Worth The Fighting For: A Memoir

Version: Abridged
Author: John McCain
Narrator: John McCain
Genres: Biography & Memoir
Publisher: Random House (Audio)
Published In: September 2002
# of Units: 5 CDs
Length: 5 hours
Ratings:
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Overview

McCain, with help from his administrative assistant Salter, picks up where the bestselling Faith of My Fathers left off, after his release from a North Vietnamese POW prison. After two decades in Congress, he has plenty of stories to tell, beginning with his first experiences on Capitol Hill as a navy liaison to the Senate, where he became friends with men like Henry "Scoop" Jackson and John Tower. (The latter friendship plays a crucial role in McCain's account of the battle over Tower's 1989 nomination for defense secretary.) He revisits the "Keating Five" affair that nearly wrecked his career in the early '90s, pointedly observing how the investigating Senate committee left him dangling for political reasons long after he'd been cleared of wrongdoing. There's much less on his 2000 presidential campaign than one might expect; a single chapter lingers on a self-lacerating analysis of how he lost the South Carolina primary. (He admits, "I doubt I shall have reason or opportunity to try again" for the White House, and may even consider retiring from the Senate.) Self-criticism is a recurring motif, as the senator berates himself for speaking recklessly or letting his temper get the best of him. He nevertheless takes pride in his status as a maverick and pays tribute to inspirational figures like Theodore Roosevelt, Ted Williams and Robert Jordan, the fictional protagonist of Hemingway's For Whom the Bell Tolls. Luckily for McCain, he's such an engaging storyteller most readers will readily accept these digressions from his own remarkable history.

Author Details

Author Details

McCain, John

"Throughout his public career, John McCain has been a leader in the most critical issues facing our country. He has waged a determined and often solitary campaign against pork barrel spending, fighting for ten years to pass a line item veto. He has been a persistent proponent of lower taxes, deregulation and free trade. He has become one of Congress' most respected voices for a strong national defense, and for sound foreign policy.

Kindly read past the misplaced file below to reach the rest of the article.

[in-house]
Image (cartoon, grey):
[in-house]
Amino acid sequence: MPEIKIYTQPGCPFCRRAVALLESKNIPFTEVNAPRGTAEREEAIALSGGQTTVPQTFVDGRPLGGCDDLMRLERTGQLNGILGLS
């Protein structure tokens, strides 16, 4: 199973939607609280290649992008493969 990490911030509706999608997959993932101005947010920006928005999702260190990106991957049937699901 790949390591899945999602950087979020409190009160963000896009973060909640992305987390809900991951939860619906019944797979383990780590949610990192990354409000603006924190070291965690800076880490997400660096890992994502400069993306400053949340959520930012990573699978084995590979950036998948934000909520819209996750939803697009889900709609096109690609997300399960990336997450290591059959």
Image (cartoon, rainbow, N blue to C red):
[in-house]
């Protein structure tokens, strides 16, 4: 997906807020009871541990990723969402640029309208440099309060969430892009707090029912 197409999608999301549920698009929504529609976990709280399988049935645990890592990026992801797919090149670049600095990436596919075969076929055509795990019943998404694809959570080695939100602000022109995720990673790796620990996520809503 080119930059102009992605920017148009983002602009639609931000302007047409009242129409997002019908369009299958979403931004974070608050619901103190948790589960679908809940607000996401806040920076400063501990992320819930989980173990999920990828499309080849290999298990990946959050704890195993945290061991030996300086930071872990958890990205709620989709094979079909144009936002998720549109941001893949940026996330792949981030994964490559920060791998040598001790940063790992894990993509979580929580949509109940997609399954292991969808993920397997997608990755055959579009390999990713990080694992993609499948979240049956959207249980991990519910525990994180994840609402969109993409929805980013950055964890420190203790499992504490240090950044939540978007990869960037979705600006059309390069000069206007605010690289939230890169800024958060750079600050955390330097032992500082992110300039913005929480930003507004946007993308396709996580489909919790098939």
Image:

John McCain has been an outspoken advocate for the reform of government institutions, and he has fought to change campaign finance, something at which he succeeded in 2002.

John McCain was first elected to represent the state of Arizona in the U.S. House of Representatives in 1982. As a long time admirer of Ronald Reagan, McCain was an early foot soldier in the ""Reagan Revolution."" He served two terms in the House before being elected to the Senate in 1985. He was re-elected to a third Senate term in November 1998. In that election, he received nearly 70% of the vote, a total which included 65% of the women's vote, 55% of the Hispanic vote, and even 40% of the Democrats.

Senator McCain is Chairman of the Senate Committee on Commerce, Science and Transportation, and has in that capacity become a recognized leader on telecommunications and aviation issues, stressing the need to promote competition and government deregulation in the industries that are so important to the growth of the economy.

Senator McCain has received numerous awards in addition to the Paul H. Douglas Ethics in Government award, which he received with Senator Russ Feingold for his efforts at campaign finance reform. In 1997, he was named one of the ""25 Most Influential People in America"" by Time magazine.

The son and grandson of prominent Navy admirals, John McCain was born in the Panama Canal Zone in 1936. After graduating from the United States Naval Academy in 1958, McCain began a twenty-two year career as a naval aviator. In 1967, he was shot down over Vietnam and held as a prisoner-of-war in Hanoi for five and a half years (1967-1973), much of it in solitary confinement. He retired from the Navy as a Captain in 1981. McCain's naval honors include the Silver Star, Bronze Star, Legion of Merit, Purple Heart and Distinguished Flying Cross.

John McCain tells what he learned about life and honor from his father and grandfather, both four-star admirals in the U.S. Navy, in his best-selling family memoir, ""Faith of My Fathers."" The book, detailing McCain's early life and military career, spent 24 weeks on the New York Times ""Best Sellers"" list.

Senator McCain has seven children and four grandchildren. He and his wife, Cindy, reside in Phoenix."